In Wardia’s circumstance, the court determined that the ability to perform physical restraints on the juveniles was, in fact, essential. The potential for physical confrontation exists on a daily basis at the facility, and a staff member who is unable to restrain a juvenile may subject him or herself and the facility to liability from injured employees or juveniles. Wardia’s assertion that certain workers needed assistance with the restraint function was unconvincing to the court, which stated that “[s]imply because some employees more often and more capably perform a certain function does not make it any less essential for everyone else.” Because Wardia was unable to disprove the “essential” nature of the physical restraint function, the court proceeded to address the question of whether Wardia’s request for accommodation was reasonable.
Reasonable accommodation analysis under the Americans with Disabilities Act (ADA) requires that a plaintiff propose an accommodation that is objectively reasonable, thereby shifting the burden to his or her employer to prove that the request is unreasonable under the specific facts. Wardia made two requests: (1) to work all functions other than the physical restraint function, which would have to be handled by co-workers; and (2) permanent assignment to the light-duty control room position. The Sixth Circuit held that neither was reasonable. First, it determined that the need for assistance with the essential physical restraint function is not reasonable because the ADA does not require employers to accommodate individuals by shifting an essential job function to others. Any other approach would render the “essential function” step of the analysis as meaningless. Second, the court held that permanent assignment to a light-duty or rotating position is not reasonable, as it would shift Wardia’s essential job functions to others, leaving his co-workers with the physical restraint functions, as well as his direct juvenile contact functions. The court, citing a prior Sixth Circuit decision, found that temporary light-duty positions for recuperating employees need not be converted into permanent positions. To hold otherwise would frustrate the purpose of the ADA.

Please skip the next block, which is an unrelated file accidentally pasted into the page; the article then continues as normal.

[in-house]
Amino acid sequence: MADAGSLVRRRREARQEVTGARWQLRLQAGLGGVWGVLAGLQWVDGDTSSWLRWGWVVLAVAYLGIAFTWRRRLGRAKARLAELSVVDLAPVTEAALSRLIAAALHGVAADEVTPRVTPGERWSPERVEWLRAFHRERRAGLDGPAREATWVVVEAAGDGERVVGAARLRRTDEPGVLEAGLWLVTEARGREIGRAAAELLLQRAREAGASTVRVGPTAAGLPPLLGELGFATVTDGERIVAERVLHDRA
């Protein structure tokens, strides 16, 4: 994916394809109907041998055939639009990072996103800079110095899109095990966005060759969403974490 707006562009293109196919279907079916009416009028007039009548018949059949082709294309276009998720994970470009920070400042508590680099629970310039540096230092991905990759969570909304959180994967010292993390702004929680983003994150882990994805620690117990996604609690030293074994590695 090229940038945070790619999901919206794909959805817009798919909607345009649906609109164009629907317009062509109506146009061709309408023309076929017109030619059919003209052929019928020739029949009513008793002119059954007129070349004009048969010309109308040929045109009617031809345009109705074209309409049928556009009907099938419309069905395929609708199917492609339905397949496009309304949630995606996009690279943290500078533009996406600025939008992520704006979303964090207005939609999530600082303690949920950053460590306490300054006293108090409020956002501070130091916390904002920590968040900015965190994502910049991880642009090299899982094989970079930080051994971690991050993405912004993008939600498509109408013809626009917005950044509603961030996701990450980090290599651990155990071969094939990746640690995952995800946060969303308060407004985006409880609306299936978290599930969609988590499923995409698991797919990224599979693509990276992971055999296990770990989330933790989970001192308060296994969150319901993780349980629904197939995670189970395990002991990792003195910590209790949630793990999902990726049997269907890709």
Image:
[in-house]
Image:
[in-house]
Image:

While this case arguably assists employers in an often difficult situation of whether to return an employee to work after a lengthy medical absence, the fact that the employer in this case was a juvenile detention facility and the safety of residents and employees was one of the factors in the essential nature of the function at issue may have had a role in the ultimate decision. Employers should react carefully when faced with similar circumstances and should thoroughly and objectively evaluate whether a function is actually essential. However, the court’s decision regarding the necessity for making a temporary light-duty position into a permanent role is more universally applicable and can be considered—again, with objective rationale and documented reasoning—in most circumstances.
Maria Greco Danaher is a shareholder in the Pittsburgh office of Ogletree Deakins.